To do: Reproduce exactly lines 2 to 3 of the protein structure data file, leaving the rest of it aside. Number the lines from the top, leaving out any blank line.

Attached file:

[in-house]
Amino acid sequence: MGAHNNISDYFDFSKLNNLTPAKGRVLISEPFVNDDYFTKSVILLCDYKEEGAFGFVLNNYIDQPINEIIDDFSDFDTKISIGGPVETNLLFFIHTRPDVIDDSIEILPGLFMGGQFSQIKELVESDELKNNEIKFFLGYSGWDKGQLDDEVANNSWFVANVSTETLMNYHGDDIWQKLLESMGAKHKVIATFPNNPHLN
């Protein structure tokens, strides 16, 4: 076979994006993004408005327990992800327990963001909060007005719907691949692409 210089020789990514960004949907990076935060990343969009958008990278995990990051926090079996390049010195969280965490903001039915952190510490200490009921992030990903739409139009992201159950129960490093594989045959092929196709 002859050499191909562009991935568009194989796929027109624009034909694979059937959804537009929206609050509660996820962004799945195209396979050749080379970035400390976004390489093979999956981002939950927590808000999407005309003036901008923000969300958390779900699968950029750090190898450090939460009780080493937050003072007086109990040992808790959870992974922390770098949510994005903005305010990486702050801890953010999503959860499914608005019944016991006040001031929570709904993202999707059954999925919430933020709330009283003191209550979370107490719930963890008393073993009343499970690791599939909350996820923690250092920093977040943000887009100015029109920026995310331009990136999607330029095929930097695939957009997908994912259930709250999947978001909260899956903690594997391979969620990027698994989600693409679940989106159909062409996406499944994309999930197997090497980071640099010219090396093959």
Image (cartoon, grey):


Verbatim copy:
Amino acid sequence: MGAHNNISDYFDFSKLNNLTPAKGRVLISEPFVNDDYFTKSVILLCDYKEEGAFGFVLNNYIDQPINEIIDDFSDFDTKISIGGPVETNLLFFIHTRPDVIDDSIEILPGLFMGGQFSQIKELVESDELKNNEIKFFLGYSGWDKGQLDDEVANNSWFVANVSTETLMNYHGDDIWQKLLESMGAKHKVIATFPNNPHLN
């Protein structure tokens, strides 16, 4: 076979994006993004408005327990992800327990963001909060007005719907691949692409 210089020789990514960004949907990076935060990343969009958008990278995990990051926090079996390049010195969280965490903001039915952190510490200490009921992030990903739409139009992201159950129960490093594989045959092929196709 002859050499191909562009991935568009194989796929027109624009034909694979059937959804537009929206609050509660996820962004799945195209396979050749080379970035400390976004390489093979999956981002939950927590808000999407005309003036901008923000969300958390779900699968950029750090190898450090939460009780080493937050003072007086109990040992808790959870992974922390770098949510994005903005305010990486702050801890953010999503959860499914608005019944016991006040001031929570709904993202999707059954999925919430933020709330009283003191209550979370107490719930963890008393073993009343499970690791599939909350996820923690250092920093977040943000887009100015029109920026995310331009990136999607330029095929930097695939957009997908994912259930709250999947978001909260899956903690594997391979969620990027698994989600693409679940989106159909062409996406499944994309999930197997090497980071640099010219090396093959």